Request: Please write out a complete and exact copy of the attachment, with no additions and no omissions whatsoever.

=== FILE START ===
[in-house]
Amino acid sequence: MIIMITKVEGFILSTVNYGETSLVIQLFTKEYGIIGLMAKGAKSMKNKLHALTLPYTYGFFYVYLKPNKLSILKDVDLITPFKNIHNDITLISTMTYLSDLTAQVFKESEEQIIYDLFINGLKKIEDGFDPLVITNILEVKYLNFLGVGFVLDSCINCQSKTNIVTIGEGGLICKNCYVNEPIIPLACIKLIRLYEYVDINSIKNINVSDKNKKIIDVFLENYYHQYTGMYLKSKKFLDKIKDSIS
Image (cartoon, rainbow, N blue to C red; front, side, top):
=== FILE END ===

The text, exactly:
[in-house]
Amino acid sequence: MIIMITKVEGFILSTVNYGETSLVIQLFTKEYGIIGLMAKGAKSMKNKLHALTLPYTYGFFYVYLKPNKLSILKDVDLITPFKNIHNDITLISTMTYLSDLTAQVFKESEEQIIYDLFINGLKKIEDGFDPLVITNILEVKYLNFLGVGFVLDSCINCQSKTNIVTIGEGGLICKNCYVNEPIIPLACIKLIRLYEYVDINSIKNINVSDKNKKIIDVFLENYYHQYTGMYLKSKKFLDKIKDSIS
Image (cartoon, rainbow, N blue to C red; front, side, top):